Famed baseball hitting coach Charlie Lau once said “there are two theories on hitting a knuckleball. Unfortunately, neither of them works.”
That’s the same kind of unhelpful advice I would offer to strategists working for the Liberal Party of Canada.
Except, I would tell them something like this: In politics there are three basic theories on winning an election, but unfortunately for you Liberals none of them work.
What are the theories, you ask?
Well, one theory is you win an election by having a strong leader. That, of course, can mean having a leader who is charismatic or who has a strong, magnetic personality.
Think Pierre Trudeau or Barack Obama.
It can also mean having a leader is who is a celebrity or a star—fitting that mold would be Arnold Schwarzenegger or Dwight Eisenhower.
Strong leaders work well in politics because they attract resources, they attract media attention and most importantly they can attract voters who may not otherwise be interested in the political process.
Unfortunately, however, for the Liberals, no matter how you slice it, their leader, Michael Ignatieff, falls short in the leadership department.
Let’s face it, although intelligent and articulate, Ignatieff has all the charisma of a sea slug. And while he might enjoy celebrity status among readers of the Harvard Literary Review, he was never exactly a household name in
So for Liberals, strong leadership is not a path to victory.
The second theory to winning elections is you champion a burning issue. Brian Mulroney, for instance, used the issue of Free Trade in the 1988 federal election to help him achieve victory.
However, typically issue-oriented campaigns usually don’t fare so well. True, candidates promoting a strong issue can often attract attention, resources and volunteers, but that rarely translates into winning over voters. Consider the examples of issue-oriented candidates like Republican Ron Paul in the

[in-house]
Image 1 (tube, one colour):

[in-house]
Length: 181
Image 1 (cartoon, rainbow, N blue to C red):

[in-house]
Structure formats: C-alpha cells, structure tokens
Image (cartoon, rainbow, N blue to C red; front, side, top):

A lot of people like their ideas, but not a lot of people vote for them.
What’s more, running on an issue campaign can be risky. If you choose the wrong issue, it can actually do you more harm than good. Just ask Stéphane Dion who adopted the ill-advised strategy of promoting a “green tax” in the last Canadian election.
And when it comes to issues, there’s another problem for the Liberals: what issue out there today is sexy enough to win an election?
Running on a promise to bring back the long-form census questionnaire, probably won’t do the trick.
That’s why it seems extremely unlikely running an issues-oriented campaign would work for the Ignatieff Liberals.
This leaves the final election theory. And it can be summed simply as the “Us vs Them” theory.
In other words, this strategy entails convincing voters that you represent the interests of the good “us” versus the interests of the bad “them.”
Who is “us” and who is “them”?
Well that depends on which voters you are trying to court. In the
For the Democrats, meanwhile, the “us” are “The Little Guy”, while the “Them” are “greedy corporate Wall Street interests.”
This approach is probably the easiest political path to take. However, it’s hard to see how it would work for the Liberals. Think about it.
Ignatieff, with all his Harvard degrees and his aristocratic pedigree, just doesn’t seem like any of us.
Sure the Liberal leader can try and fake it: he can drink beer out of the can, attend the odd kids’ hockey game and wear plaid shirts, but voters have a way of sniffing out a phony. They prefer candidates who are real.
So it seems “Us” vs “Them” is out.
And that in a nutshell is the dilemma for the Liberals. They simply don’t have a theory on how they can win and election. Indeed, this explains why their party is languishing in the polls with no prospects of turning things around.
Their only hope is if they can come up with a new theory of winning.
If they don’t Ignatieff will have a better chance of hitting a knuckleball then he has of ever becoming Prime Minister.